As for our pre-meeting happening now, the dive captain then deferred to one of his assistants who explained what his role would be. Afterwards, it was off to the Aqua Theatre for a few run throughs in the water. I changed into my bathing suit. One of the divers went all out, completely suiting up in a wet suit. He would be joining me in the water should I run into trouble and need help. I climbed the stairs to the top of the tank and dove in. It was cold, very cold and at first my body recoiled from the shock. Even after years of doing winter escapes in the Hudson and other rivers you never really get used to it. Something else I was not used too, was the salt water. I swam in the water for several minutes, with the crew standing up on the ledge shouting instructions to me. I would then get out and then would dive in again. I was testing out the depth and the best possible vantage point for the audience. I was at the Aquarium for about four hours that day, dove in the water more than a dozen times. Afterwards, I changed and we met again in one of the executive's offices and I was informed that a local paper, The Brooklyn Daily, had just come out that day and did a big spread on the upcoming event. 
After our meeting, I was eagar to get home and take a shower. I had a thick coating of salt on my body and I could taste it. It started to harden on my sking and it felt like a layer of crust over my body. Our meetings ended aabout 4pm and I caught the Q back to Manhattan.

March 18, 2012 was the scheduled day of the event. It was a Sunday afternoon and that morning, I was featured in the Sunday Metro section of The New York Times with a big spread on that day's event.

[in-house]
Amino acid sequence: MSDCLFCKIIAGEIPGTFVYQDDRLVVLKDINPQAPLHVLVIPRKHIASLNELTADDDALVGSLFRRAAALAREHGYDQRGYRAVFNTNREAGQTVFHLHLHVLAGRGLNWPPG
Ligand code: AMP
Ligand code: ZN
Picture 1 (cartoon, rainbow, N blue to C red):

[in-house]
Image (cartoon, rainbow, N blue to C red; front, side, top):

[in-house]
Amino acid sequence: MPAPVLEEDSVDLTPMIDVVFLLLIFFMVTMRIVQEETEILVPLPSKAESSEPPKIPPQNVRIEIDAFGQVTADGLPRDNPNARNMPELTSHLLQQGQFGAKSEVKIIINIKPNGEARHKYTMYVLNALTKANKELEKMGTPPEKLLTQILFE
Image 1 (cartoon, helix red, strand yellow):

I arrived at the New York Aquarium with my photographer about 12 noon and we met the rest of the crew at the entrance. The New York Police Deapartment was already there and we were moved into the location.  There was quite a bit of build-up to this event and we were told by the Aquarium that the event was sold-out. The New York Times article that morning greatly helped in the promotion and the crowds were already lining up at the entrance. reporters from the Daily News and The New York Post as well as several wire services were in attendance. I consulted with Gary who would be the MC of this event who, at this moment was speaking with all of the local officials who had shown up.
I changed into a bathing suit and placed this over this a sweatshirt and sweat pants. Gary would be introducing me and I would need to come out and speak before the escape.

Finally, I was introduced. One police officer stayed on the ground near me and he had two sets of handcuffs. Another police officer, who carried the other three restraints would be standing on top of the tank near where I would dive in. In total, I was to be handcuffed with five sets of NYPD issue Smith & Wesson handcuffs. I would then dive into the tank and free myself while underwater. Since the Salt water proved to be extrememly buoyant in practice, a thirty pound weight belt was attached to my waist along with two ten pound ankle weights. There was fifty pounds of iron, in addition to the restraints, dragging me to the bottom! (I better get out!)  Gary introduced me to the crowd and then introduced each police officer. One set of handcuffs was placed on my wrists and I allowed the audience to come forward and examine them. Then, while Gary narrated, I walked up to the top of the tank, staying in view of the audience the entire time. The second officer placed the remaining three sets of handcuffs on me. The above photogrsaph shows me seconds before diving.
From below, Gary led the audeince in a countdown------- 9 . . . 8 . . . 7 . . . 6 . . . 5 . . . 4 . . . 3 . . .
2 . . . 1. . . ZERO . . . I dove into the the thirty foot deep tank filled with more than two thousand gallons of 40 degree salt water where I escaped all of the handcuffs underwater in little over a minute and a half.

All in all, it was a fun day at the New York Aquarium.